It’s important to keep taking insulin, especially long-acting insulin, on the schedule your doctor recommends. It’s also important to continue taking long-acting insulin even if you’re not eating.
Some over-the-counter (OTC) medications — especially those that treat cough, cold, and flu symptoms — contain sugar. Other types of medication can affect the way your diabetes medications work.
Your diabetes care team may be able to give you a list of medications to avoid when you’re feeling unwell with a common condition.
It’s a good idea to stock up on easy-to-prepare foods, sick-day drinks, medications, and diabetes care supplies so you have these items on hand for those days when you’re not feeling well. Here are some items to include in your sick-day kit:
Keep a ready supply of:
Your sick-day kit should also contain:
Make sure your kit is stocked with:
If you’re experiencing any of the following symptoms, contact your doctor or someone on your diabetes care team right away:
Diabetic ketoacidosis is a medical emergency: It can lead to coma or death. Get medical help immediately if you’re experiencing symptoms such as:
If your employer or insurer offers telehealth services, consider downloading the app or keeping contact information in your phone to make it easier to get advice if you’re not feeling well.
Diabetes can damage your immune system, according to 2020 research. For that reason, it’s important to take good care of your health year-round, not just during cold and flu season.
You can do this by:
The CDC recommends that people with diabetes get flu vaccines every year. It’s especially important for children, who may have more severe flu symptoms for a longer period of time than kids who don’t have diabetes.
Diabetes can make an ordinary illness more challenging — and feeling unwell can make it harder to manage your diabetes.
If you have diabetes, talk with your healthcare team to plan how you’ll respond to an illness or infection. Together, you can decide in advance how to manage your blood sugar when you’re feeling sick.
You can also stock up on food, beverages, testing supplies, and medication you might need.
A good sick-day plan includes information on which medications are safe to take, which to avoid, how best to test your blood sugar, and what steps to follow to keep diabetes or another health condition from sidelining you for longer than necessary.
Last medically reviewed on January 21, 2022









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Newcastle single mum of three dies suddenly after eating snack with peanuts – Daily Mail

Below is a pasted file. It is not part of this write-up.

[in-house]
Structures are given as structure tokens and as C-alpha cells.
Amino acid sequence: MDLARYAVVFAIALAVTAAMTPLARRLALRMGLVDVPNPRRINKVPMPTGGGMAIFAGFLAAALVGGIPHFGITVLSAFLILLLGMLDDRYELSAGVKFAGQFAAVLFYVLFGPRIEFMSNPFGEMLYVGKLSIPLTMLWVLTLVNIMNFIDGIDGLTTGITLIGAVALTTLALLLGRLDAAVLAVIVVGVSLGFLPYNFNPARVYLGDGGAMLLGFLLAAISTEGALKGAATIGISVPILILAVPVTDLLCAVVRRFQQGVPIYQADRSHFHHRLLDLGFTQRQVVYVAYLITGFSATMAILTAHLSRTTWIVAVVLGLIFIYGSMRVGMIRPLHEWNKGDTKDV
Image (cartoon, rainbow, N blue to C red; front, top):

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By Aidan Wondracz For Daily Mail Australia
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A single mother-of-three who was allergic to peanuts died suddenly after unknowingly eating a snack containing the allergen.
Hanna Scigala, 31, suffered a fatal anaphylactic attack after eating the snack at her home in Newcastle, on the NSW coast, on January 4.
Her condition spiralled quickly and she went into cardiac arrest, suffered brain swelling and was declared brain dead before passing away on January 7. 
She leaves behind a 12-year-old, nine-year-old and three-year-old boy who will now be looked after by their grandparents. 
A single mother-of-three who was allergic to peanuts died suddenly after unknowingly eating a snack containing the allergen
Hanna Scigala, 31, suffered a fatal anaphylactic attack after eating the snack at her home in Newcastle, on the NSW coast, on January 4
Her death has come as a complete shock to the family who say the single mother was always careful with the foods she ate.
Ms Scigala had been with her three children at home when she started to feel peckish and she reached for a snack. She had no idea it contained traces of peanuts.
The single mother immediately recognised the signs of an allergic reaction and rushed down the stairs and into the garage for the Epipen she kept in her car.
She administered the dose of adrenaline before calling an ambulance while her horrified nine-year-old son phoned family to come and help.
A neighbour managed to perform CPR until paramedics arrived and wheeled her into an ambulance.
Ms Scigala went into cardiac arrest on the way to hospital but paramedics were successfully able to treat her. 
But her condition continued to deteriorate the following day with the single mother suffering from brain swelling before she was declared brain dead on January 6.
Her devastated sister Stephanie as ‘inspiring’ and ‘very fun to be around’.
She leaves behind a 12-year-old, nine-year-old and three-year-old who will now be looked after by their grandparents
‘As a mum, I think her favorite thing to do was to introduce the kids to new things so they could develop new interests,’ she said.
‘Whatever she could think of or saw that she thought they might like she’d get them involved. She’d put them before anyone else.’
Stephanie has launched a GoFundMe to raise money for her children. The campaign was set up to raise $7,000, but has already drawn in $29,792 in donations. 
‘With their grandfather retired and grandmother working only part time, this go fund me has been made in hopes to help them be able to financially provide for their grandchildren,’ Stephanie wrote.
‘These funds will also go towards funeral arrangements and any other memorial type of function.’
Published by Associated Newspapers Ltd
Part of the Daily Mail, The Mail on Sunday & Metro Media Group